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One hopes that Mexico's elimination by Brazil from the World Cup soccer tournament on the day after he was elected president will not prove to be a bad omen for Andrés Manuel López Obrador, the leftist who rode a wave of popular outrage over Mexico's corruption and violence to a landslide victory. But the prospects of a populist who makes as many promises as AMLO, as the president-elect is commonly known, are even harder to predict than a tournament as filled with surprises as this World Cup.

Why he won is not the mystery. Killings are at record levels, corruption scandals are ceaseless and nearly half the population lives in poverty. Like populists elsewhere around the world (and also north of Mexico's border), Mr. López Obrador promised a break with the past. So voters not only denied the presidency to the two mainstream parties that have dominated Mexican politics for two decades, they also gave Mr. López Obrador a likely majority in Parliament.

That means Mr. López Obrador, the 64-year-old former mayor of Mexico City, has considerable leverage from the outset. But to do what? Here is where things become more complicated. "Only I can fix corruption," Mr. López Obrador declared in his campaign, but he offered few details. 

Equally unclear is how Mr. López Obrador intends to curb Mexico's endemic violence. A decade ago, the government deployed the military against the powerful drug cartels, yet more homicides were reported in May than in any single month since the government began the current record-keeping system two decades ago, and 2017 was the deadliest year.

Then there's the mystery of Mr. López Obrador himself, a complex politician who defies stereotypes. He can be leftist ideologue and pragmatist, populist and fiscal conservative; he shares a leftist aversion to the North American Free Trade Agreement but has pledged to continue the current government's negotiations.

Conservatives in the United States have raised alarms about a radical leftist in the mold of Venezuela's Hugo Chávez who will send swarms of migrants across the border. Mr. López Obrador's pledges to upend the status quo have also led to inevitable comparisons to President Trump — with whom the Mexican shares a thin skin and irritation at critical news media. Yet unlike Mr. Chávez and Mr. Trump, the president-elect is a lifelong politician with firm faith in democracy and demonstrated pragmatism in his five years as Mexico City's mayor. And Mexico is not the oil-rich petrostate Venezuela was.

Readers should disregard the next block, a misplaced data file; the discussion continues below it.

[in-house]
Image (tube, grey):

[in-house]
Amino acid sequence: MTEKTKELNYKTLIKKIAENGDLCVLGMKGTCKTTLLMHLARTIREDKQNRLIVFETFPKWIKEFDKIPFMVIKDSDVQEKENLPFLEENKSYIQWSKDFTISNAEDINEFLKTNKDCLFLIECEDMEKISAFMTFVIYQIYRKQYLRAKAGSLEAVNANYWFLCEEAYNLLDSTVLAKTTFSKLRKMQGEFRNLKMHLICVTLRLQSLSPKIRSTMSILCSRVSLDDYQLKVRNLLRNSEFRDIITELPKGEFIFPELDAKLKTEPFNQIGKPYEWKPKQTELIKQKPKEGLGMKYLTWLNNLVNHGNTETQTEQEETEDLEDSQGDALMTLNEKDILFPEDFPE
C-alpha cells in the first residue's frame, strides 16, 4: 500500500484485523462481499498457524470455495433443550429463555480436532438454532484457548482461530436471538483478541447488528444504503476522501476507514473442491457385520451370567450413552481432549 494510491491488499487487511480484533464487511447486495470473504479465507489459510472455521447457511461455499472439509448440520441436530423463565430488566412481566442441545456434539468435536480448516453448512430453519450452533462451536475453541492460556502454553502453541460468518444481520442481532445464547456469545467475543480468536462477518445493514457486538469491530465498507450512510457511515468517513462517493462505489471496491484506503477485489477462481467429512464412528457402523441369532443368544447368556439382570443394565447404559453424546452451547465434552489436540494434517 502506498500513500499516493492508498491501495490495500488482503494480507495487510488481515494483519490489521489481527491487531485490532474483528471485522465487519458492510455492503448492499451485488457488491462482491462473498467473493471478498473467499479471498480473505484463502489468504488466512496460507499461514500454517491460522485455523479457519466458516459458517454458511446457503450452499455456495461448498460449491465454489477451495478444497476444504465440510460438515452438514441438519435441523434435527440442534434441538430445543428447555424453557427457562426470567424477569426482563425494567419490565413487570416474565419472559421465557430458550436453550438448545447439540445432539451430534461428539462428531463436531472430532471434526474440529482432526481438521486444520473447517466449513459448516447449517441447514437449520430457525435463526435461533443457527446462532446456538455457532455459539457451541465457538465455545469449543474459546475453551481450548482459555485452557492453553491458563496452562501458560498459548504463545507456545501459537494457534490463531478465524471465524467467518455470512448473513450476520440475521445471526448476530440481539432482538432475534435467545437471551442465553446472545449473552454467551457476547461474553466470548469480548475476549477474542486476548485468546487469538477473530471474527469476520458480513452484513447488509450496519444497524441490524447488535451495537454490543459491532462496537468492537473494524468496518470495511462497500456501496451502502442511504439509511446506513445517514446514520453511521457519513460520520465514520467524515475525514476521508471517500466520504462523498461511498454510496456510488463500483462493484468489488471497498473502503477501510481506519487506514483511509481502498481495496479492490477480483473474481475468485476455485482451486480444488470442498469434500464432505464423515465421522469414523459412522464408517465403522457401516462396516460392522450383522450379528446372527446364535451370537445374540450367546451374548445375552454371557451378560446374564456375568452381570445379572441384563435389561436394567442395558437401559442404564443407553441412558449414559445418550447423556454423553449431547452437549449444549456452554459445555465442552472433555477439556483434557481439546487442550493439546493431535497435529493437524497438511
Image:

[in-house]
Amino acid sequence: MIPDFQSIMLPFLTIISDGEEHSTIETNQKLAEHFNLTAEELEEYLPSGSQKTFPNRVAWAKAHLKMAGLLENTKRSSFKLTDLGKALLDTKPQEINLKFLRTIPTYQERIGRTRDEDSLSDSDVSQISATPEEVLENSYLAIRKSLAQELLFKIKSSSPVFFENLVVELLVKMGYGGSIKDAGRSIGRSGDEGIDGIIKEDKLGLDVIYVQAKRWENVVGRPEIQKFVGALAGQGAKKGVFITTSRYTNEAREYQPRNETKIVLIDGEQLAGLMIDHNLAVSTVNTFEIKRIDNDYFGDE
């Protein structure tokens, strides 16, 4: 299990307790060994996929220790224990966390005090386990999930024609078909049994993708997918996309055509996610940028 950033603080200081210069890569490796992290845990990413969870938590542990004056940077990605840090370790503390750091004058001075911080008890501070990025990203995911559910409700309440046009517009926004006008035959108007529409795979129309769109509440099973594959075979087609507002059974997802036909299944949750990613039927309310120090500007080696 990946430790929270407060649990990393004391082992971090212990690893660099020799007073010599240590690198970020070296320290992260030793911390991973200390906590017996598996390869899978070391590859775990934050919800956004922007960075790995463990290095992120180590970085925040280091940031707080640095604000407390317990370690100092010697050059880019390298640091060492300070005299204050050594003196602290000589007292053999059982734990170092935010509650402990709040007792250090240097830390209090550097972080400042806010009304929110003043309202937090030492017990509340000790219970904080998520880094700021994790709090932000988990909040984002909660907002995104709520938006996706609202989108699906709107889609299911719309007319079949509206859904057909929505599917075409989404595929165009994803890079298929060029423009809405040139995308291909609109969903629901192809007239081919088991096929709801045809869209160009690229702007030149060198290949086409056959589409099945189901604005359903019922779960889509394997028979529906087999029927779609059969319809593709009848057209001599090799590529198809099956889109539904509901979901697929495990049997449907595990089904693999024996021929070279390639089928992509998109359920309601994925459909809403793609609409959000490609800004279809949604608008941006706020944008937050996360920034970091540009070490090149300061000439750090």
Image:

One thing is certain: Mexico's relations with the United States will not improve. Mr. Trump is despised in Mexico for all the obvious reasons, and though Mr. López Obrador said he would seek "respectful and cooperative" relations with the United States, he is keenly aware that his predecessor's efforts to forge positive relations with Mr. Trump ended in his humiliation. 

If there is a danger for the United States in Mr. López Obrador's election, it is not that he will move his country radically leftward, but that he will fail to meet the high expectations he has raised. His predecessors promised many of the same things he has but ended up managing crises, not ending them. The predecessors, however, were from established parties; to their promises, Mr. López Obrador has appended the populist promise of profound transformation.

If the Trump administration chooses to make life difficult for him, it will only deepen Mexico's problems and increase the power of the drug cartels and the despair driving people to head north. It is in Mexico's best interest, and therefore in America's, that the new president succeed.

Newsday, July 5

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